Had actually been thinking about tomato-beef chow mein (the Soupster's fave) ala Silver Dragon.

                  -----
                  Spenger's Fresh Fish Grotto
                  1919 Fourth Street, Berkeley, CA 94710

                  Silver Dragon
                  835 Webster St, Oakland, CA 94607

                  Fenton's Creamery
                  4226 Piedmont Avenue, Oakland, CA 94611

                  1. re: Melanie Wong

                    yes, it sure was good 40 years ago, anyway! Though my father preferred the stir fried tomato beef... and we always had to have the won ton soup...seems hard to believe now, but the roots of my interest in chowhounding were probably formed at those Sunday night dinners at Silver Dragon.....

                    1. re: susancinsf

                      I don't remember ever going to a Japanese restaurant in San Francisco.....must have had too many of those brownies :-)

                      But I still crave that tomato beef chowmein a la Silver Dragon sometimes.....and of course the won ton soup...followed by a Rocky Road ice cream cone from Dreyer's....

                      But to answer Melanie's original question, I agree that a picnic in the park would be the perfect celebration!

                  2. re: susancinsf

                    Was the Japanese restaurant Mingei-Ya (not positive on spelling) on Union? We went there a lot in the 60's and 70's. I remember really liking it, but who knows if it was actually good and/or authentic!

                    1. re: The Librarian

                      I never had the pleasure of eating at Mingei-ya. However, a long time ago someone gave me the recipe for its salad dressing, a creamy o mizutaki sauce, which I posted here,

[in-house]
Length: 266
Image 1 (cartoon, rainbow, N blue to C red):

http://www.chowhound.com/topics/16702...

                      1. re: The Librarian

                        I was thinking the same thing. It seemed to be the Gaijin's favorite in the 60's. It looked like we thought a Japanese restaurant should look. It featured "Country Style" cooking and was very rustic in appearance. In fact, it was owned by a Gaijin named Russ Rudzinski. He actually published a popular cookbook on Japanese Country cooking.

                        1. re: Gary Soup

                          who/what's a gaijin? jewish person?

                          1. re: Sarah

                            A non-Japanese, generally. Literally, a "foreigner" but even in the US we Caucasians are still "Gaijins" to Japanese, who themselves are the foreigners.

                            1. re: Gary Soup

                              You should mention that term can be derogatory so people don't run around proudly calling themselves that ... though if anyone did it might apply.
                              http://www.urbandictionary.com/define...
                              http://en.wikipedia.org/wiki/Gaijin

                              Anyway, anyone should know that on Sept 2nd there will be a Summer of Love festival at Speedway Meadow, Golden Gate Park. More about that and other SOL events at the Bay Guardian.
                              http://www.sfbg.com/entry.php?entry_i...

                              Though I was on the coast hosting Woodstock, if you do picnic in the park don't forget the wine ... Boone's Farm Apple, Blue Nun and Lancer's Rose ... or was it Matteus?

                              And don't forget to be sure to wear some flowers in your hair ... which you can pick out of your mixed organic greens with edible flowers from Happy Boy Farm.

                              1. re: rworange

                                Don't forget Cold Duck to drink!

                        2. re: The Librarian

                          You know, I think that indeed was it. In fact, I am almost sure, even though Janet doesn't remember...It was indeed rustic in appearance, but by my Father's standards of the time was fairly pricey (not that it was expensive, it just wasn't cheap), so while he loved it and always raved about it, I actually wasn't taken there very often.

                          1. re: susancinsf